To describe the Treasury of British Comics’ A Very British Affair: The Best of Classic Romance Comics as a labour of love seems like an understatement that borders on gross negligence. This David Roach-curated/Olivia Hicks-edited collection of short stories (and the occasional serial) from the vast library of properties publisher Rebellion acquired a few years back compiles material from a variety of girls comics and magazine sources from the 1950s-1970s. It includes work from such memorably named titles as Valentine, Serenade, Mirabelle, Roxy, Marilyn and Mates.
An immediate takeaway from A Very British Affair is that the ethos of the project is just as important as the beautifully illustrated work that sits between its covers. Its contents represent an era of comic strip publishing that would have been considered ephemeral at best and its availability for the interested collector all these decades later would realistically be classified as in the “scarce” category. Indeed, a scene-setting introductory essay by Roach even speculates that some issues may be lost forever. In that regard A Very British Affair is not simply a feast of classic British comics craft but also a gift to posterity, and a vital social record of the times these stories were published in.
In around 200 pages of comics we experience the travails of teen romance, unrequited passion, love conquering the odds, and even the odd sidestep into paranormal amour. That the collection kicks off with a Shirley Bellwood three-pager (she of those hauntingly alluring Misty covers) is a sure signifier of the quality that is to come; her gorgeously near-photorealistic style proving all the more impressive for its showcasing in both moodily contrasting colour and black and white. This tale of a recently blinded young woman giving up her potential partner for fear of becoming a burden to him also indicative of the varying degrees of cultured melodrama that will follow.
A healthy proportion of the entries come from Valentine and a series of stories that were crafted around the titles of hit pop songs of the era. What’s noteworthy in many of these strips (which have the rare distinction of writer credits for Jenny Butterworth when so many of her contemporaries are lost to history) is that their pure sequential storytelling doesn’t experiment with the form but instead draws the reader’s eye in through expressive visual characterisation, a clarity of linework, panels that are bursting with detail, and a studied understanding of how to use shadow and light to create atmosphere.
The sheer humanity inherent in these beautifully paced mini character studies shines out. There’s ‘Everything I Have is Yours’ with art by Gerry Haylock that depicts an unlikely blooming relationship based on a mix-up of washes in a launderette, or the Jesús Blasco vehicle ‘I Like It’ which takes a very simple premise of a young woman’s boyfriend not wanting to criticise her new hairdo and turns that well-trodden cliché into something rather sweet. It’s important to emphasise how difficult it is to ensure a reader develops a connection and a certain sense of empathy with a cast of characters in such a finite page count but these stories always deliver.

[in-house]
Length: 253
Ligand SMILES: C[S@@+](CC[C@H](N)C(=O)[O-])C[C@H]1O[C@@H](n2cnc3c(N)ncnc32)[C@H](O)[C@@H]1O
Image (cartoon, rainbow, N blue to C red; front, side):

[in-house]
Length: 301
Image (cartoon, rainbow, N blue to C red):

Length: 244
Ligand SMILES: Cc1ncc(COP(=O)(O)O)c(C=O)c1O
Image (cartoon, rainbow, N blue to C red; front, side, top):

Other standouts include serial ‘The Getaway Girls’ (artist Antonio Bosch Penalva) from Mirabelle following the adventures of Hattie, Clare, Lady Gwendolyn and Melanie, four teenage models from different walks of life. There are two stories from Serenade that begin with colour front page art that also capture the quality of practice herein. Ángel Badía Camps is the illustrator of ‘Dream Portrait’, the tale of a woman who stumbles across a street artist whose paintings all seem to depict her, and Jordi Longarón on ‘Love, Not for Me!’ wherein stubborn male defiance is slowly broken down. For fans of the late, great Carlos Ezquerra there’s an early ‘70s strip ‘Mr. Mystery Voice’ that has an eerie, ethereal quality and serves as a reminder of the versatility of this master craftsman.
The reproduction values here are exemplary. There’s just one story in the whole collection where the difficulties of sourcing the best original material are perhaps apparent. I would argue that A Very British Affair: The Best of Classic British Romance Comics is right up there with The Rise and Fall of the Trigan Empire as the most important classic comics collections that the Treasury of British Comics has brought to new readers to date. Simply glorious.
Jenny Butterworth, Phillip Douglas (W), Jesus Blasco, Shelly Bellwood, Fredinando Tacconi, Joan Riley, Roberto Casarrubio, Pat Tourrett, Gerry Haylock, Enrico Bagnoli, Antoniotoldo, Carlos Prunés, Joan Martin May, Josep Maria Miralles, Guido Muzzelli, María Barrera, Mike Hubbard, Ángel Badia Camps, Ray Sorigue Segarra, Victor De La Fuente, Daniel Billon, Vicente Rose, Jordi Longarón, José Pepe Gonzalez, Manfred Sommer, Juan Solé Puyal, Jordi Franch, José Bielsa, Esteban Maroto & Félix Mas (A), David Roach (Curator), Olivia Hicks (E), Gemma Sheldrake (D), Joseph Morgan & Emma Denton (Reprographics) • Rebellion/Treasury of British Comics, £40.00 (hardcover)/£60.00 (slipcase edition)
Review by Andy Oliver